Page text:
Tuffy - I read it and came to a similar conclusion.  Except I read it through to the end.  I really don't understand the hype.  For most it supposedly expanded their horizons as to what God could be like, for me, I kept asking myself - why does God have to go through the bother of cooking when He spoke the world into existence?  Sorry, if I'm going to believe in God (which I do), He is bigger than that.  Bigger than I can imagine.

The ending of the book happens without any thought as to thorough criminal investigation that it was a disappointment upon the general disappointment of the theme of the book in general.

For a more refreshing and expansive view on the nature of God, read Creature's recommendation from pages back:  "Notes from the Tilt-a-Whirl" .  I do reviews on my LinkedIn account and I reviewed both of these, amongst a hundred or so other books I've read recently (past 10 years).  Send me a LinkedIn invite and you can read those reviews.  Unfortunately, Amazon tells me there's no way to export the reviews from the Amazon LinkedIn section to Amazon in general.  I wish I would have known that 2 years ago!

-Scott
Logged

2000 L-03-E
2012 Epiphone Nighthawk Custom Reissue
1985 Peavey Milestone
2004 SX SPJ-62 Bass
2008 Valencia Solid Cedar Top Classical
2015 Taylor 414ce - won in drawing
2016 Ibanez SR655BBF

My Sound Cloud
Caleb
Gold Member
****
Offline Offline

Posts: 3714




Ignore
« Reply #1088 on: September 22, 2011, 08:36:48 PM »

For a more refreshing and expansive view on the nature of God, read Creature's recommendation from pages back:  "Notes from the Tilt-a-Whirl" .  I do reviews on my LinkedIn account and I reviewed both of these, amongst a hundred or so other books I've read recently (past 10 years).  Send me a LinkedIn invite and you can read those reviews.  Unfortunately, Amazon tells me there's no way to export the reviews from the Amazon LinkedIn section to Amazon in general.  I wish I would have known that 2 years ago!

-Scott
I'd like to read your review of this book and others.  As far as getting your reviews on Amazon, I suppose you could just cut and paste, though it would take some time if you wanted to give reviews for all those books.  I happen to really enjoy book reviews and find myself reading them a lot on Amazon.  I've bought many books based on the reviews, and avoided some for the same reason.
Logged
Caleb
Gold Member
****
Offline Offline

Posts: 3714




Ignore
« Reply #1089 on: October 15, 2011, 02:10:36 PM »

I just finished AN EXPERIMENT IN CRITICISM by C.S. Lewis, a book about reading books. (Side note: this is not in any way one of Lewis' religious works. In fact I don't think he even mentions the subject at all.)  It can get heady at times, as anything written by Lewis can, but he really makes a great case for reading well and shows you what that means.  None of the snobbery about reading the "right books" like you might expect to find from a scholar either.  In the epilogue he gives the best defense for reading good fiction that I've ever seen.  If you've ever felt the need to apologize for reading good fiction, or stumble when trying to put into words what it means to you, you should read this book. From page 137:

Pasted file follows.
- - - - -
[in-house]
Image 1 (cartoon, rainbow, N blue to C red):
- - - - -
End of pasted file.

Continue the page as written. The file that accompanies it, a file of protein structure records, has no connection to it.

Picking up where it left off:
"What then is the good of -- what is even the defense for -- occupying our hearts with stories of what never happened and entering vicariously into feelings which we should try to avoid having in our own person? ... The nearest I have yet got to an answer is that we seek an enlargement of our being.  We want to be more than ourselves.  Each of us by nature sees the whole world from one point of view with a perspective and a selectiveness peculiar to himself.  And even when we build disinterested fantasies, they are saturated with, and limited by, our own psychology. ... We want to see with other eyes, to imagine with other imaginations, to feel with other hearts, as well as with our own."


The bottom line is that reading well makes our world larger and gets us outside of ourselves.  It reminds me of something L'Amour said in his memoirs, that people think they only have one life to live but they can really live ten thousand lives in books.  

In this book Lewis urges us to "surrender to the text" and be willing to be "taken in."  I particularly like what he says on the matter, especially since the tendency to deconstruct everything we read and look behind or too far into it has taken over.  Good reading is surrender and seeking to enter the author's world.  I also like this attitude because it battles the "what does it mean to YOU" aspect of so much of art today.  I want to know what the artist meant, not what I think it means. If I stay there I will never grow and I will continue to inhabit the smaller world of myself. These ideas are huge and the implications for personal growth are titanic if one captures them to the full.